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Yes, annual hedge fund investment returns for the past few years are only half of what they were during the 1990s. And sure, the proliferation of new funds has made it difficult for managers to rack up big gains in most hedge fund strategies. But when it comes to pure wealth creation — arguably the biggest motivation for the majority of hedge fund managers — times have never been better. Thanks to the power of hedge fund math, driven by management fees and performance incentives, more managers are making more money today than ever before, as evidenced by our fifth annual survey of the biggest earners.
One year ago Edward Lampert of ESL Investments made headlines when he became the first manager in our survey to earn $1 billion in a year. This time there are two who break the
billion-dollar barrier: James Simons of Renaissance Technologies Corp. and BP Capital Management’s T. Boone Pickens. In 2005 math whiz Simons, we calculate, earned a staggering $1.5 billion, edging out oil tycoon Pickens, who took home an equally astounding $1.4 billion from two hedge funds he quietly launched ten years ago. Although Lampert saw his earnings cut by more than half in 2005, he still made a cool $425 million, good enough for sixth place on our list. Rounding out the top five are three longtime managers: Soros Fund Management’s George Soros, $840 million; SAC Capital Advisors’ Steven Cohen, $550 million; and Tudor Investment Corp.’s Paul Tudor Jones II, $500 million.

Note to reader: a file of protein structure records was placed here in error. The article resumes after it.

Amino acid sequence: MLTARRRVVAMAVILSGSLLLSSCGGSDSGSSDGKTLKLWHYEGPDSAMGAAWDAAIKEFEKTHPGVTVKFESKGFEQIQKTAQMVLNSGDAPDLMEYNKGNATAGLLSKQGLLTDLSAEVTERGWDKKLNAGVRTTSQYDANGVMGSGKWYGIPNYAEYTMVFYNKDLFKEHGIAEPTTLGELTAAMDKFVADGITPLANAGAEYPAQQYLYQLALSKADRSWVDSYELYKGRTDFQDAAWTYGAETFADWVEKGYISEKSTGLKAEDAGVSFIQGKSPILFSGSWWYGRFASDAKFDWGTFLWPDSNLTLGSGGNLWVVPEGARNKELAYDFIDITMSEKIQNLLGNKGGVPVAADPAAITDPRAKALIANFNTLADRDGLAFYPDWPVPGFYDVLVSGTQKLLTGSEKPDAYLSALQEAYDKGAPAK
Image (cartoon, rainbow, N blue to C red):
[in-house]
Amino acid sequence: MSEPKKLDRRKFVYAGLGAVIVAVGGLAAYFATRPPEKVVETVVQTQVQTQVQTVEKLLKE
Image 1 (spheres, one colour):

One thing that never seems to change for this exclusive club: The cost of admission keeps going up. A manager had to earn at least $130 million in 2005 to qualify for a place among the top 25 money earners, compared with $100 million in last year’s survey and just $30 million in 2001 and 2002. The 26 managers on the list made, on average, $363 million in 2005, a 45 percent jump from the $251 million the top 25 earned in 2004. The average, of course, got a boost from the billion-dollar boys, Simons and Pickens. But the median earnings also grew, jumping by a third, from $153 million in 2004 to $205 million last year.
“Clearly, there is a disconnect between pay and performance,” says Antoine Bernheim, publisher of hedgefundnews.com and president of Dome Capital Management in New York, which has been advising European institutional and private investors on their hedge fund portfolios since 1984. “People are getting paid extraordinary amounts of money for performance that is mundane.”
1 - James Simons
Renaissance Technologies Corp.
JAMES Simons’ legend grows apace with his portfolio and his philanthropy. Last year the veteran Long Island hedge fund manager’s quant-driven Medallion hedge fund returned 29.5 percent net. That was all the more remarkable given the $5.3 billion fund’s 5 percent management fee and 44 percent performance fee. (The gross return was nearly 60 percent.) Even so, Medallion fell short of its roughly 34 percent annualized net return since its 1988 inception.